Saw a great program on Hedy Lemarr on Netflix awhile back. After learning what she invented, I think she should be remembered more for her invention side than her movie star side.
She was a refugee from Hitler’s Austria, yet the Govt seized her “frequency hopping” invention as an “enemy alien”; still they asked her to tour the country as a Hollywood star selling war bonds.
That invention today is the basis for cell phone technology.
Today that one invention of hers alone is worth an estimated $30 Billion.
Awhile back I posted what I considered to be signs of genius; Hedy certainly makes the grade.
I remember from the Netflix documentary that she used to work on her inventions while in her movie trailer waiting for the next scene.
David Foster of Chicago Boyz has a great post on her.
Update – 01/22/19 22:16 – I just saw Bombshell , the Netflix documentary, again. What an amazing woman. Her main invention, which was taken from her without any compensation, is today the basis of cell phone technology, secure WiFi, military communication…
The documentary closed with her quoting a beautiful poem by Kent Keith towards the end of her life:
The Paradoxical Commandments
People are illogical, unreasonable, and self-centered.
Love them anyway.
If you do good, people will accuse you of selfish ulterior motives.
Do good anyway.
If you are successful, you will win false friends and true enemies.
The good you do today will be forgotten tomorrow.
Do good anyway.
Honesty and frankness make you vulnerable.
Be honest and frank anyway.
The biggest men and women with the biggest ideas can be shot down by the smallest men and women with the smallest minds.
Think big anyway.
People favor underdogs but follow only top dogs.
Fight for a few underdogs anyway.
What you spend years building may be destroyed overnight.
People really need help but may attack you if you do help them.
Help people anyway.
Give the world the best you have and you’ll get kicked in the teeth.
Give the world the best you have anyway.”
Courtesy of Focus Features
A couple of years ago at a dinner, I had the honor of meeting a well-dressed elderly woman while sipping a martini (both of us!). I learned that she was one of the 1,000 or so female pilots in WW2 who became known as WASPs (Women Airforce Service Pilots).
Fifinella, the official Mascot of the WASPs
The WASPs weren’t the Army’s idea, but the idea of famed aviatrix Jackie Cochran, who, with so many men going off to war, suggested the idea of women ferrying new planes to bases to Eleanor Roosevelt. Eleanor made it happen, but the WASPs were not really taken seriously by the Army Air Force.
They were issued used mechanic’s overalls that the women called Zoot Suits, men’s sizes only, 44 and up. Of course these were too big for most women. But the women actually turned lemons into lemonade, making them look fashionable (with the sleeves rolled up).
They were not even integrated into the military, but seen as a civilian auxiliary.
By lex, on March 17th, 2010
For the Fallujah SEALs **:
The case against a Navy SEAL accused of not protecting an alleged Iraqi terrorist took a major turn Friday when a military judge ordered that five key defense witnesses be granted immunity to testify on his behalf…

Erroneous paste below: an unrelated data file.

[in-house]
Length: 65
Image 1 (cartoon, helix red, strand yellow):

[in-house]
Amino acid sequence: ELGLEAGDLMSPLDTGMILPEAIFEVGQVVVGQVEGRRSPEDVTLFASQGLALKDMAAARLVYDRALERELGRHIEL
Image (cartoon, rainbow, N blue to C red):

The town of Paradise, CA being engulfed by fire
Funny that I just wrote about visiting the epicenter of the Camp Fire, the most destructive wildfire in California history, and all the news today in Northern California is about the impending announcement of declaring bankruptcy by the utility that covers most of Northern California, PG & E (Pacific Gas and Electric).
“Under California law, utilities are exposed to liability from wildfires regardless of their negligence.”
After the Camp Fire, with 11,000 homes lost, I had a curiosity to see the epicenter, Paradise. Paradise is on the Sierra foothills in Northern California , about 1,500′ elevation.
It really is a bucolic little town, nestled among the pines, and was a favorite place to retire. Despite its 1,500′ elevation, it is only 20 miles or so from Chico, elevation 150′, a smaller city at the northern end of the Central Valley.
I called the California Highway Patrol in Chico, who assured me that all the roads to Paradise were open. With that knowledge, I headed up the highway to Paradise.
I’ve had a friend since I was 12 who, once he was 30, decided that he’d better get a skill or a trade. He was tired of getting minimum wage jobs. He became an apprentice to a plumber and years later decided to retire at age 55 or so.
Loves hunting and fishing, and spends a large amount of time traveling around with his 5th wheel trailer.
He was an excellent plumber. What impressed me, years ago, when he was visiting me (he lives about 100 miles away) – I told him that the urinal in my office always flushed like Niagara Falls. (we are talking plumbin’ stuff!).
I have always believed that the world has had very few true geniuses. My definition of a genius has been one who changes the world in a fundamental way, often against the thinking of the society at the time.
Sir Isaac Newton. For his laws of motion. Albert Einstein, of course. Wolfgang Mozart, who started composing at age 5, and whose compositions are still enjoyed over 200 years later.
There is a component of perseverance and lots of work to change the world. I read somewhere that Thomas Edison tried 1,000 different ways to make the incandescent light bulb until hitting the right formula.
“Genius is one percent inspiration and ninety-nine percent perspiration.
Great accomplishments depend not so much on ingenuity as on hard work. This is a saying of the American inventor Thomas Edison.”